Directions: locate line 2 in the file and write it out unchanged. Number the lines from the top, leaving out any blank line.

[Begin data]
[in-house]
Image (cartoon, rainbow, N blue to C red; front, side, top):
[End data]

Image (cartoon, rainbow, N blue to C red; front, side, top):